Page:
Posted by: roamingolivia | August 31, 2010

India: Shimla I


Okay, here’s Shimla – probably less text and more pictures in this, not that anyone will complain, because my time is pretty short. Shimla, or Simla as it was under the British when it was the summer capital, is an interesting place for two reasons:

1. It has interesting history – at least from the colonial era, including the Shimla Conference on partition.

2. It is mostly full of domestic (Indian) tourists, and so you get to see a lot of the emerging middle class, what its expectations and hobbies and holidaying looks like.

Also there are hilarious guidebooks about how calm and rational Shimla is, in contrast with anywhere else:

The moment the over-loaded trains reached Kalka [the station where you change to the toy-train to Shimla], it was as if one had entered another world — calm and aloof – where sanity still prevailed and all the horrors and atrocities were immediately dismissed from the mind. Shimla took upon herself the noble task of soothing the tortured Punjabi soul. In the distant hills the maids and men of the mountains wondered aghast at their cousins from the plains. Their capitals still did not belong to them. (Shimla: Guide with Map, published by Nest & Wings, edited A. P. Agarwala)

Anyway, this is the view from the hotel:

It was monsoon, so Shimla was often a bit rainy or misty, and we spent a fair amount of time taking shelter in coffee shops, and looking out.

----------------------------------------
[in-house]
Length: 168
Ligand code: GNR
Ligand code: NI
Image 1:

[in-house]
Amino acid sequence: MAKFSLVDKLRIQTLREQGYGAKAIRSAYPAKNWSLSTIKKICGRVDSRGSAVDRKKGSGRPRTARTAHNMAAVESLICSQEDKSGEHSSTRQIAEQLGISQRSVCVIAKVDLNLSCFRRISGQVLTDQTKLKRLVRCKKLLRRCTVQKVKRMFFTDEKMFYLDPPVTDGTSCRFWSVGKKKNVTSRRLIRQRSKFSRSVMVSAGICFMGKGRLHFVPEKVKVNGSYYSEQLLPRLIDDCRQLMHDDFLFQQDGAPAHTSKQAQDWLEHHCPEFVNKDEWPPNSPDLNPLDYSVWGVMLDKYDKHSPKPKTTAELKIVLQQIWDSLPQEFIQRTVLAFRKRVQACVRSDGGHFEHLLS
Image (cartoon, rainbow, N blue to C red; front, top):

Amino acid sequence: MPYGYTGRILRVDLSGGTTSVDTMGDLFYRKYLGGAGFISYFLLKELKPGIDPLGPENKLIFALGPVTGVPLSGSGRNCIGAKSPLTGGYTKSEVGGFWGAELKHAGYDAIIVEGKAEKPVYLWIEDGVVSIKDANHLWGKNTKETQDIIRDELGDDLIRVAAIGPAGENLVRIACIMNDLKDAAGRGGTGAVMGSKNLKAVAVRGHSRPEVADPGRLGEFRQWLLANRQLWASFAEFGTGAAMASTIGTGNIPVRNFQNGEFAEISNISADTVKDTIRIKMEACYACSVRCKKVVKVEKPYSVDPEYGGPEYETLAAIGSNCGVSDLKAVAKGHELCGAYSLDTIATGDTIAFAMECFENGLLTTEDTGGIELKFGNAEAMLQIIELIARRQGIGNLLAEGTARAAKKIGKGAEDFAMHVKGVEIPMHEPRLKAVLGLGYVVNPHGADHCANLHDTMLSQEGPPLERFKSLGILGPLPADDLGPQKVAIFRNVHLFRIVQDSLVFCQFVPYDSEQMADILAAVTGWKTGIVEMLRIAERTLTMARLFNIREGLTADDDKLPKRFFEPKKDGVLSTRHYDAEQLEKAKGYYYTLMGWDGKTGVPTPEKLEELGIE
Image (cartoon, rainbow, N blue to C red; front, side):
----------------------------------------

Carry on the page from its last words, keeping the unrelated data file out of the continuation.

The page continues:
As you can see, Shimla is starting to look pretty worn-down, which is the other interesting side of #1 above. It needs probably a lot of investment and money to keep the British colonial buildings standing for the next few decades.

Also there is an eggless cake shop (something common to see in India because of the vegetarians, but still an amusing sign):

We spent some time on the internet – picking out trains and an itinerary for Rajasthan, and struggling with the Indian railway site until we found cleartrip.com (a hint for anyone traveling to India soon), and then headed for a late afternoon lunch of dumplings at Aunty’s, this tiny shack wiht a Tibetan/Chinese menu, 4 tables and an amazing view from its door

The food was delicious.

Then the evening rolled in, and we explored the nighttime shopping scene,

as well as the local bar scene. South Asia is interesting because it is not really a huge boozing place, and this is one potentially interesting aspect of Interesting Thing #2, above – domestic tourism. A lot of Indian tourists don’t really drink (there’s a lot of religion, and a lot of vegetarians don’t drink but I don’t think that’s related to vegetarianism as much as piety). So we finally found this bar, which as you can see is not exactly rocking…

All the other bars were literally underground and so less attractive. Otherwise there were a lot of English Beer and Wine Shops, which succinctly state who brought and uses booze in the country (at least that’s what they want you to think, perhaps).

And, see? this place doesn’t even have a bar anymore:

Next we can move onto the Partition Conference and shopping in the market, plus the monkey the stole my notebook.

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Responses

  1. […] after Shimla (blogged here and here, in case you missed it), we came back to Delhi for a day or two, and then took an […]

  2. […] we were supposed to go to Kashmir and there were riots and flooding, but then we went to Delhi and Shimla or Simla (where a monkey ate my notebook) and then to Rajasthan (Jodhpur and […]


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